In Gerald Graff 's essay “Hidden Intellectualism” starts of by talking about the stereotype of being so called “street smart” and and being “book smart” and how in school when you see someone who is street smart but doesn’t do go in school get a bad wrap. People look at them as a waste because they can’t apply there intelligences that they have and use it towards school, so people view them as not the right kind of smart because they are not a A student in school. Graff then goes on to say that maybe it is not the students that are the problem with how they do in school but maybe it is the school that have missed or overlooked the intellectual potential that kids with street smarts have. Graff also says that we only view the educated minds through schooling as the right way and schools and colleges look at kids who do not like school and don’t do well as anti-intellectual people. As Graff continues his essay he says that he was on the side of being more anti-intellectual and he found that through sports he was more interested in sports then he was in school. He would use this love for sports to build up his hidden intellectualism with sports. I think that Graff is right about what he is talking about with how we as a society think if you want to be smart them you need to do well in school and get all A’s or then you are not that smart. In all reality there are many times that kids go through school and don’t do well not because they are not smart,but because people don’t
“Hidden Intellectualism,” by Gerald Graff starts off with an older argument between being book smart and street smart. Throughout the reading, Graff uses his own life experiences to critique the education system today. Points made focus on the idea of overlooking the intellectual potential of those who come across as being, “street smart”. Different authors cited in the reading to show how to accept another’s different intellectual. However, we realize that people who come across as being intellectual weren’t always labeled as that.
The reading "Hidden Intellectualism" by Gerald Graff reflects views on being "street smart" and "book smart." He explains that society tends to associate people who are intelligent on solely being "book smart" and performing well in academics, rather than being street smart. He goes on to further explain that students perhaps can be intelligent on topics that interest them. Graff opens up the reading by giving his own personal experience on feeling torn between trying to prove that he was smart yet fearing that he was overdoing it. He was trying to prove that he learned just as much about the real world by reading his sports books and magazines as he would have if he had read the classic works of literature like most students in school. Essentially,
Intellectualism is the factor of being intellect or intelligent. The idea of what it means to be educated can be interpreted many different ways by different people. Some think it’s having a 4.0 and going to Harvard, while others believe in the idea of having common sense. In the essay, “Hidden Intellectualism,” Gerald Graff reflects how lack of education is viewed negatively in society. On top of that, a question also lies what it means to educated. In order to be truly educated, a person should be well rounded not in just tests of intelligence, but the tests of life as well.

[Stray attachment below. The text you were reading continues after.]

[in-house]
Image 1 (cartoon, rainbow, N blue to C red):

“Intelligence is closely associated with formal education- the type of schooling a person has, how much and how long- and most people seem to move comfortably from that notion to a belief that work requiring less schooling requires less intelligence” (Rose). What Rose is trying to infer is that just because you are labeled blue collar: meaning you have to earn your income from manual labor, and have lack of educational knowledge, does not mean you cannot earn the knowledge in your work career. There are many opportunities to learn from your job even if you are less experienced. “...One who is so intelligent about so many things in life seems unable to apply that intelligence to academic work. What doesn’t occur to us, though, is that schools and colleges might be at fault for missing the opportunity to tap into such street
In the article “America Needs its Nerds” by Leonid Friedman; Fridman argues that “intellectually curious and academic serious people” are not as respected as they should be. Instead of the more intellectual people being praised for their intelligence, they are ignored by society. Fridman builds this argument by using logic and facts, creative word choice, and comparisons.
“Blue Collar Brilliance” by Mark Rose indicates the view that intelligence cannot be measured by the amount of schooling a person has completed. He describes that blue-collar jobs require more intelligence and skill than what people may think. He describes his experiences growing up seeing his mother as a waitress in coffee shops and restaurants. He portrays his mother as a dedicated and loyal woman who loved her job and put her heart and soul into her job as a waitress. He describes the way she multitasked, she memorized and recalled who ordered what, how long each meal takes to prepare, and how she became able to connect with
Over the years, there has been an ongoing debate about “street smarts” and “book smarts” throughout the world. Many people side with either or for their own personal reasons. Although “street smarts” has developed a poor reputation which pushes people to neglect the positive aspects of this particular way of learning. In the article, “Hidden Intellectualism”, Gerald Graff evaluates the structure schools use to teach literature. He explains that intellect is not only found in the academic form of thinking. And furthermore, comprehension goes far beyond academic learning and extends into the day-to-day world. It goes without saying that a lot of people know someone who is “street smart” but doesn't exceed in school, yet “street smarts” are just